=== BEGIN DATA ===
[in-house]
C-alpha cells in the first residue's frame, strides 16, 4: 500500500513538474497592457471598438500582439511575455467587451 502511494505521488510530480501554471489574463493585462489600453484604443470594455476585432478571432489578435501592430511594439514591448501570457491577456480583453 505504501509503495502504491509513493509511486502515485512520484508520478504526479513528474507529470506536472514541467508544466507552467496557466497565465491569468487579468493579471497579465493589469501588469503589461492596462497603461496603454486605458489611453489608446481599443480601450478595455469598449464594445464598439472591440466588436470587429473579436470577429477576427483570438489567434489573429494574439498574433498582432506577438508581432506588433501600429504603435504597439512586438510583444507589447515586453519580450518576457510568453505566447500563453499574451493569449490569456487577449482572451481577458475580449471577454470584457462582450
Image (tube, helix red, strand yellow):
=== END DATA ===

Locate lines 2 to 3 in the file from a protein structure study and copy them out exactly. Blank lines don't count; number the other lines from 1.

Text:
C-alpha cells in the first residue's frame, strides 16, 4: 500500500513538474497592457471598438500582439511575455467587451 502511494505521488510530480501554471489574463493585462489600453484604443470594455476585432478571432489578435501592430511594439514591448501570457491577456480583453 505504501509503495502504491509513493509511486502515485512520484508520478504526479513528474507529470506536472514541467508544466507552467496557466497565465491569468487579468493579471497579465493589469501588469503589461492596462497603461496603454486605458489611453489608446481599443480601450478595455469598449464594445464598439472591440466588436470587429473579436470577429477576427483570438489567434489573429494574439498574433498582432506577438508581432506588433501600429504603435504597439512586438510583444507589447515586453519580450518576457510568453505566447500563453499574451493569449490569456487577449482572451481577458475580449471577454470584457462582450
Image (tube, helix red, strand yellow):